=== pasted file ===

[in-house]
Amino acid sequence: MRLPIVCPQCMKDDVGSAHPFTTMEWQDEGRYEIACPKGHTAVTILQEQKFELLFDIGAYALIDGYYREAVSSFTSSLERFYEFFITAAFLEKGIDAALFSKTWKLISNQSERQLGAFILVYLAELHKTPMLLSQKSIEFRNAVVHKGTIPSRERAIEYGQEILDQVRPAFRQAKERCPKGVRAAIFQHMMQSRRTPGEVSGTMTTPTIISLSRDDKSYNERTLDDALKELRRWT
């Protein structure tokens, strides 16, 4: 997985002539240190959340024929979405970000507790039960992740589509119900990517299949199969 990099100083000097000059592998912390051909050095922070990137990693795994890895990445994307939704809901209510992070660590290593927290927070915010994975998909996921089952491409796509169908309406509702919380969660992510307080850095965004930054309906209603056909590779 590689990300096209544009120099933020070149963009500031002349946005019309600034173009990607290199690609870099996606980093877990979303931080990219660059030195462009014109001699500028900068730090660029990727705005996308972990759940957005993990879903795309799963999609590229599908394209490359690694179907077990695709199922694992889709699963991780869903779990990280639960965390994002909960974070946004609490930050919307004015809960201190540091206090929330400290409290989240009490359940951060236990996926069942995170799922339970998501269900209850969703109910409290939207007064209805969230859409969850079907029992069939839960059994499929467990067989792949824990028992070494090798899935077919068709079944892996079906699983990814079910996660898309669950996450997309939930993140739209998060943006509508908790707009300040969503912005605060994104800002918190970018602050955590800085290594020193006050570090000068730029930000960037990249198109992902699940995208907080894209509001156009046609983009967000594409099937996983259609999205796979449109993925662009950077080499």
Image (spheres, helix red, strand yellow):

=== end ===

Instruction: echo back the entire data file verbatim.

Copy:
[in-house]
Amino acid sequence: MRLPIVCPQCMKDDVGSAHPFTTMEWQDEGRYEIACPKGHTAVTILQEQKFELLFDIGAYALIDGYYREAVSSFTSSLERFYEFFITAAFLEKGIDAALFSKTWKLISNQSERQLGAFILVYLAELHKTPMLLSQKSIEFRNAVVHKGTIPSRERAIEYGQEILDQVRPAFRQAKERCPKGVRAAIFQHMMQSRRTPGEVSGTMTTPTIISLSRDDKSYNERTLDDALKELRRWT
């Protein structure tokens, strides 16, 4: 997985002539240190959340024929979405970000507790039960992740589509119900990517299949199969 990099100083000097000059592998912390051909050095922070990137990693795994890895990445994307939704809901209510992070660590290593927290927070915010994975998909996921089952491409796509169908309406509702919380969660992510307080850095965004930054309906209603056909590779 590689990300096209544009120099933020070149963009500031002349946005019309600034173009990607290199690609870099996606980093877990979303931080990219660059030195462009014109001699500028900068730090660029990727705005996308972990759940957005993990879903795309799963999609590229599908394209490359690694179907077990695709199922694992889709699963991780869903779990990280639960965390994002909960974070946004609490930050919307004015809960201190540091206090929330400290409290989240009490359940951060236990996926069942995170799922339970998501269900209850969703109910409290939207007064209805969230859409969850079907029992069939839960059994499929467990067989792949824990028992070494090798899935077919068709079944892996079906699983990814079910996660898309669950996450997309939930993140739209998060943006509508908790707009300040969503912005605060994104800002918190970018602050955590800085290594020193006050570090000068730029930000960037990249198109992902699940995208907080894209509001156009046609983009967000594409099937996983259609999205796979449109993925662009950077080499």
Image (spheres, helix red, strand yellow):